Reflecting on Questions….

Toy Train by Jeanne Mischo

The time between Thanksgiving and Christmas is never easy for me. Each year there are less and less people who have known me my whole life, and it seems most of them passed on during this Advent season. I feel like the family is shrinking until I take a good look around. My nieces have their own children now, some old enough to be in high school. Others remind me it is my turn to be the older generation, to be the one who has known them and prayed for them since before they were born. Yet despite the wrinkles and grey hair that welcome me in the mirror each morning, I don’t feel that much different inside. I wonder if I am up to the task of being an elder. I wonder why I don’t know or understand more than I do. Then I think back to a conversation with my father years ago, a conversation I dreaded and put off for way too long. I called home hoping to get my mother, only to find him working from home. I was calling to say I was getting divorced. I was ashamed, disappointed in myself, and terrified of disappointing my father. Of course once he answered the phone it all came tumbling out, all of the raw emotions I had bottled up in my heart. When I stopped crying and had calmed down a bit, my thirty year old self said I thought I would have figured out more answers by now. My father’s reply remains with me thirty years later. He said ‘I don’t have more answers. I simply have learned to ask better questions’. If better questions define wisdom, then I may make the grade after all. If I am required to listen more and talk less, then I still have a challenge ahead of me. Perhaps the greatest comfort is knowing we are all a work in progress, waiting and watching for a bit of divine inspiration to take human form. Christ told us the Kingdom of God is realized through each and every one of us. What if that Kingdom of God is a lens, a way of seeing and hearing that is first and foremost about relationship, about listening deeply to one another with our whole hearts and minds and souls? What if the questions are more important than our own answers? What if the questions are about each of us finding our own path, not in the sense of anything goes, but rather by walking in the path God has prepared uniquely for us? Make time today to be vulnerable to a different answer than you expect. Continue a difficult conversation, trusting in the relationship more than the uncomfortable message that might be easy to avoid. Allow the divine spark to bring forth a physical reality in a different than what you envisioned. Watch and wait, asking the questions buried in your own heart as you listen to the eternal and never ending heartbeat of the Almighty and ever living God. Art entitled ‘Toy Train’ by Jeanne Mischo ©2013-2016, used with her permission, text by Connie Chintall ©2016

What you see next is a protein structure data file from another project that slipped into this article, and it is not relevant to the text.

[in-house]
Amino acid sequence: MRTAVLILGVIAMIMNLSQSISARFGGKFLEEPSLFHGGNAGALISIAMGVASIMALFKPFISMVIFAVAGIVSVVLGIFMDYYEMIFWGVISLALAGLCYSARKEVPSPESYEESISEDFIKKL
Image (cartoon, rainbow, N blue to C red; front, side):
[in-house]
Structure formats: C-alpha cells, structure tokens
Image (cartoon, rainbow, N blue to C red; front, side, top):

Reflecting on Toy Trains….

It’s a quiet Saturday morning, with a hint of snow in the air. The slate grey sky is banded by icy clouds, reflecting the winter sun. So I was drawn to this amazing picture of a toy train by my friend Jeanne. I love the vibrant colors and the size of the train next to the trees. When I was a small child, we had a beautiful toy train set. In those days, we asked for trains the way children these days ask for an iPod or laptop. We weren’t done decorating for Christmas until the train set was up and running. The adults may have focused on the tree, but all we saw was the train. Jeanne has drawn a child’s perspective – every else pales by comparison, no matter how colorful, no matter how bright. Perhaps the magic of the train set was offering a new perspective. We lived near train tracks and often would wave to the locomotive engineer, or train driver, as the train slowly crept through our neighborhood. Even at a snail’s pace, the train seemed huge, too big to take in all at one time. The toy train gave us a chance to see the big picture, from above, all at once. Take time today to step back and look at an overwhelming concern from all sides. Pray to see through God’s eyes and hear through God’s ears, to forge a solution that is good for all concerned, for the long haul, rather than settling for a quick fix at the expense of others. And remember, it may take more than one trip around to find the right answer. Art entitled ‘Toy Train’ by Jeanne Mischo

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